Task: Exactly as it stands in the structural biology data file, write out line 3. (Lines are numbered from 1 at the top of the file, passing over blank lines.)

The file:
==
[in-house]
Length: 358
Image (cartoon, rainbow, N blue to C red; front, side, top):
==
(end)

Image (cartoon, rainbow, N blue to C red; front, side, top):